A great deal of cinematic attention has been paid to the hijacking/hostage-taking/hostage-rescue mission that took place at the Entebbe Airport in Uganda in 1976. In an almost unprecedented reaction, two all-star feature films—Raid on Entebbe and Victor at Entebbe—about the incident were released later that same year; a year later, the Israeli production, Operation Thunderbolt (from the filmmaking team of Menahem Golan and Ken Globus), was released; and there have been a fair number of documentaries on the events as well over the years. To be fair, it’s been 40 years since the last retelling of the story of Palestinian terrorists, working with German nationals (members of the Baader-Meinhof Group), taking over an Air France plane from Tel Aviv to Paris. 7 Days in Entebbe dramatizes that event as well as the Israeli response—a death-defying rescue mission in Uganda, which was controlled by dictator Idi Amin, who was working with the terrorists, while trying to appear to Israel as if he was helping free the hostages.
I don’t think I’m spoiling anything by saying that the reason this story is still so interesting has little to do with its outcome. But it does capture the attitude toward Israel at the time throughout the world, and underscores just how little things have changed to this day. The flight was coming from Israel with about 100 Israelis among the nearly 250 passengers. The terrorists separated the Israelis and let the rest of the hostages go before the rescue attempt. Refusing to negotiate with terrorists, the Israeli prime minister Yitzhak Rabin (Lior Ashkenazi, the great Israeli actor seen in Norman, Big Bad Wolves, and next week’s Foxtrot) and defense minister Shimon Peres (Eddie Marsan) weigh their options, fight among themselves, and eventually greenlight a rescue attempt, the likes of which had never been attempted before. Writer Gregory Burke (’71) and Brazilian-born director José Padilha (both Elite Squad films, the recent RoboCop remake, and the great Bus 174 documentary, also about a terrorist attack) have packed a great deal of information and a small army of characters into the film and made it easy to understand, both in terms of the politics involved and actually carrying out the operation.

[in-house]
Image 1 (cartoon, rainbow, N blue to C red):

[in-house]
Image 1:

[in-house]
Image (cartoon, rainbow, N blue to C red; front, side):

Rosamund Pike and Daniel Brühl play Brigitte and Wilfried, members of Baader-Meinhof, who begin the hijacking with high ideals and a clear sense of what they want to accomplish, and are subsequently blindsided by the Palestinians, who make it clear that they want to punish Israel unless it releases a large number of terrorists being held in Israeli prisons. The few times Idi Amin (Nonso Anozie) actually shows up, he’s portrayed as something of a clown as he welcomes the kidnapping victims to his “beautiful country,” even though they never get outside of the terminal and airfield.
7 Days In Entebbe cuts back and forth from the active hijacking/kidnapping to six months earlier, when the planning for the event began in earnest. Much of the film is told through the eyes of the Baader-Meinhof team, and as much as they can, the filmmakers do attempt to maintain a degree of balance to the storytelling, allowing both sides of the conflict to voice their displeasure and outrage over the other side’s appalling behavior over the years since the state of Israeli was created. The German involvement in this incident seems motivated by a broader sense of trying to right a great injustice in the world, but when the terrorists begin separating Jews from the group, the Germans are keenly aware of how this will look in the eyes of the world.
Adding a curious extra component to the movie, director Padilha also intercuts rehearsal and performance excerpts from the Batsheva Dance Company’s production of the modern dance piece “Minus 16,” which dramatizes the entire hijacking and rescue event, during the finale of the film when we’re seeing the mission carried out. As moving as the dance number is, including it as part of the climax breaks up the flow and tension of the sequence being carried out at the airport and takes a great deal of the tension out of what should have been an unbearably white-knuckle moment.
The acting on display here is top notch, particularly from Pike, Ashkenazi and Marsan, all of whom play characters who are passionate about their beliefs and causes but are also willing to look at the reality of the situation in hopes of a desirable outcome. The filmmakers seem committed to sticking to the facts, without exaggerating the drama in any way, which works incredibly well with this particular story. It would probably elevate your sense of excitement if you don’t know the outcome of the rescue mission, but even knowing what happens (as I did) doesn’t take much away from the anxiety that will likely be generated. A noble effort with mostly strong results.